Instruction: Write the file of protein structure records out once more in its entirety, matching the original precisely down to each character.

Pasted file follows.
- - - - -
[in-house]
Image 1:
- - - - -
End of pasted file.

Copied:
[in-house]
Image 1: